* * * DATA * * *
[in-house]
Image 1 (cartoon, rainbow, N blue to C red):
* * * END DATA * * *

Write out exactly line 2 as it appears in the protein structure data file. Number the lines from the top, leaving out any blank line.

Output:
Image 1 (cartoon, rainbow, N blue to C red):